|US20050086290 *||17 Oct 2003||21 Apr 2005||Robert Joyce||Method and system to provide expert support with a customer interaction system|
|US20050093881 *||14 Dec 2004||5 May 2005||Aspect Communication Corporation||Apparatus and method for collecting and displaying information in a workflow system|
|US20050123124 *||15 Dec 2004||9 Jun 2005||Aspect Communications Corporation||Generating media-specific interaction control programs|
|US20050135596 *||3 Feb 2005||23 Jun 2005||Aspect Communications Corporation||Method and system for providing personalized service over different contact channels|
|US20050147090 *||28 Feb 2005||7 Jul 2005||Macleod Beck Christopher C.|
|US20050154792 *||1 Mar 2005||14 Jul 2005||Deryugin Vladimir N.|
|US20050157731 *||20 Jan 2004||21 Jul 2005||Mike Peters||IP ACD using SIP format|
|US20050188110 *||20 Jan 2004||25 Aug 2005||Mike Hollatz||IP ACD using buffer server|
|US20050198614 *||16 Oct 2001||8 Sep 2005||Albert Mavashev||Management platform and evironment|
|US20050203965 *||5 May 2005||15 Sep 2005||Edward Mandel||Contact center dynamic record delivery|
|US20050228901 *||8 Jun 2005||13 Oct 2005||Aspect Communications Corporation.||Method and system to register a user on an application system|
|US20050232408 *||15 Apr 2004||20 Oct 2005||Hodson Jeffrey D||System for contact system entities beyond end-points to track state availability and capabilites by implementing SIP presence technologies|
|US20050238162 *||26 Apr 2004||27 Oct 2005||Anthony Dezonno||Contact control using state machine|
|US20050286494 *||29 Jun 2004||29 Dec 2005||Michael Hollatz||Method and apparatus for dynamic VoIP phone protocol selection|
|US20060002538 *||30 Jun 2004||5 Jan 2006||Dezonno Anthony J||System and method for minimizing queue callback faults|
|US20060023864 *||27 Jul 2004||2 Feb 2006||Kirk Krahn||Universal agent log-in using a sip registrar|
|US20060023866 *||28 Jul 2004||2 Feb 2006||Dezonno Anthony J||Customer automated response system|
|US20060023867 *||29 Jul 2004||2 Feb 2006||Rockwell Electronic Commerce Technologies, Llc||System and method for voice and data convergence|
|US20060023868 *||29 Jul 2004||2 Feb 2006||Dezonno Anthony J||Peer to peer application processor|
|US20060031077 *||3 Aug 2004||9 Feb 2006||Dalton John W||Universal multi-browser interface for customer service representatives|
|US20060034257 *||16 Aug 2004||16 Feb 2006||Mike Hollatz||Method of routing calls from a contact center|
|US20060153173 *||7 Mar 2006||13 Jul 2006||Beck Christopher Clemmett M||Method for routing transactions between internal and external partners in a communication center|
|US20080222240 *||13 May 2008||11 Sep 2008||Genesys Telecommunications Laboratories, Inc.||Method and Apparatus for Extended Management of State and Interaction of a Remote Knowledge Worker from a Contact Center|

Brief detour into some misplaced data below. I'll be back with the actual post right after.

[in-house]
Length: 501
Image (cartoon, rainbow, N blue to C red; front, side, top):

|USRE43205||11 Jul 2006||21 Feb 2012||Aspect Software, Inc.||Skill based chat function in a communication system|
|USRE45583||19 Apr 2013||23 Jun 2015||Genesys Telecommunications Laboratories, Inc.||Method and apparatus for providing enhanced communication capability for mobile devices on a virtual private network|
|USRE45606||7 Mar 2013||7 Jul 2015||Genesys Telecommunications Laboratories, Inc.||Call and data correspondence in a call-in center employing virtual restructuring for computer telephony integrated functionality|
|WO2003034338A2 *||3 Oct 2002||24 Apr 2003||Nastel Technologies Inc||Management platform and environment|
|WO2006122116A2 *||10 May 2006||16 Nov 2006||Fmg Technologies Inc||Enterprise management system|
|U.S. Classification||709/242, 709/238, 709/224|
|International Classification||G06Q10/06, G06Q10/10, H04M3/493, H04M3/51, H04L29/06, H04L29/08, H04M3/00, H04M11/00, H04M3/22, H04M3/42, G06F9/46|
|Cooperative Classification||H04L65/4007, G06Q10/10, H04M3/5166, H04M3/5191, G06Q10/06, H04M3/5125, H04L29/06, H04M3/42221, H04M3/4938, H04M3/5175, H04M3/2218, H04L29/06027, H04L67/04, H04L65/1043, H04L69/08, H04L69/329|
|European Classification||G06Q10/10, G06Q10/06, H04L29/06, H04M3/51H, H04M3/51T2, H04L29/08N3, H04L29/06M2N3, H04L29/06M4A|
|14 Sep 2000||AS||Assignment|
|29 Jan 2004||FPAY||Fee payment|
Year of fee payment: 4
|14 Feb 2008||FPAY||Fee payment|
Year of fee payment: 8
|31 Jan 2012||AS||Assignment|
Owner name: GOLDMAN SACHS LENDING PARTNERS LLC, NEW YORK
Free format text: SECURITY AGREEMENT;ASSIGNOR:GENESYS TELECOMMUNICATIONS LABORATORIES, INC.;REEL/FRAME:027623/0096
Effective date: 20120131
|17 Feb 2012||FPAY||Fee payment|
Year of fee payment: 12
|8 Feb 2013||AS||Assignment|
Owner name: GOLDMAN SACHS BANK USA, NEW YORK
Free format text: SECURITY AGREEMENT;ASSIGNOR:GENESYS TELECOMMUNICATIONS LABORATORIES, INC.;REEL/FRAME:029778/0939
Effective date: 20130208
Owner name: GENESYS TELECOMMUNICATIONS LABORATORIES, INC., CAL
Free format text: RELEASE BY SECURED PARTY;ASSIGNOR:GOLDMAN SACHS LENDING PARTNERS LLC;REEL/FRAME:029778/0060
Effective date: 20130208
|15 Nov 2013||AS||Assignment|
Owner name: JPMORGAN CHASE BANK, N.A., AS COLLATERAL AGENT, DE
Free format text: SECURITY AGREEMENT;ASSIGNORS:GENESYS TELECOMMUNICATIONS LABORATORIES, INC.;ANGEL.COM INCORPORATED;UTOPY, INC.;AND OTHERS;REEL/FRAME:031644/0814
Effective date: 20131113